false, EXTRAvascular...spleen and liver breakdown the RBC
With extravascular hemolysis, which defect type is inherited?
intrinsic are inherited (non-immune defects)
-lack of globin chains
Classify "hereditary spherocytosis" based on type of hemolytic anemia and defect.
EXTRAvascular hemolysis (spleen or liver)
What is hereditary spherocytosis?
an inherited defect in the red cell membrane that results in less deformability of the cell = can't squeeze through splenic sinusoids = sequestered and destroyed
What do spherocytes look like?
Round balls, not biconcave disks
Hereditary spherocytosis is either a qualitative or quantitative deficiency of which structural protein of the cytoskeleton?
(Spectrin + Spheres = MINE)
M embrane defect
IN trinsic defect
E xtravascular hemolysis
How serious is Hereditary spherocytosis? Is it curable?
its an autosomal dominance inheritance pattern that manifests in adult life with VARIABLE severity
-removal of the spleen results in normal RBC survival but not normal red cell morphology
-following splenectomy, spherocytes ARE still produced but destruction of cells is decreased
Sickle Cell anemia is a type of ________ hemolysis associated with ________ defects of the _______.
Sickle cell anemia is autosomal _____ condition that causes a _______ substitution in DNA between valine and glutamic acid at position 6 in the beta chain.
codominant (occurs in homozygotes for HbS)
single base pair
What happens to the hemoglobin in sickle cell anemia?
the globin chain is defective and causes the hemoglobin to gel upon deoxygenation and assume its sickle shape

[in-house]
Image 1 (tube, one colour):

Why are the sickled cells a problem?
-they are rigid and vulnerable to splenic sequestration
-they can block the microcirculation causing ischemia and/or infarction
What are the two leading causes of ischemia-related death for patients affected by Sickle Cell Anemia?
1. Acute chest syndrome
True or False: Heterozygotes of sickle cell are clinically asymptomatic because less than half of the hemoglobin is abnormal and HbS concentration is too low to cause sickle shaped cells.
___% of blacks in the USA are heterozygous carriers of sickle cell trait.
True or False: Autosplenectomy is a complication of hereditary spherocytosis.
False, autosplenectomy = sickle cell anemia
What is Thalassemia?
INTRINSIC defect of EXTRAVASCULAR hemolysis
-results in diminished or absent synthesis of either the alpha or beta globin chains of hemoglobin
The type of thalassemia is named for the ____.
globin chain that is produced in a reduced amount
What is the principal clinical manifestation of thalassemia?
anemia (due to decreased hemoglobin production)
thalassemia leads to anemia...thalassemia leads to anemia...thalassemia leads to anemia....thalassemia leads to anemia....thalas.....you get it
True or False: Thalassemia is common in persons of Mediterranean, African, and Southeast Asian descent.
True or False: Thalassemia reduces the impact of malaria.
(both sickle cell and thalassemia change the hemoglobin chains...and they both provide protection against malaria. coincidence?)
In almost all cases of Thalassemia there is a moderate to marked ________ with target cells and ________ of the RBCs on the blood smear.
microcytosis (low MCV= small cells)
basophilic stippling (small dots in the periphery from ribosomes)
What type of deficiency causes a metabolic defect (intrinsic) that results in extravascular hemolytic anemia?
Glucose-6 Phosphate Dehydrogenase (G6PD) deficiency
-sex linked defect (primarily black men)
-red cells are susceptible to oxidant injury usually precipitated by drugs/toxins or infections
-RBC membrane is less flexible and subjected to extravascular hemolysis in the spleen
What is the cytomorphologic hallmark of G6PD deficiency?
-not very flexible
True or False: In the absence of the oxidant trigger (antimalarials, sulfonamides, etc), G6PC deficiency is asymptomatic.
True or False: Bite Cells are more flexible than normal RBCs.
Extrinsic defects associated with extravascular hemolysis. include _______ disease of the newborn and _____ hemolysis.
Hemolytic disease of the newborn occurs _______.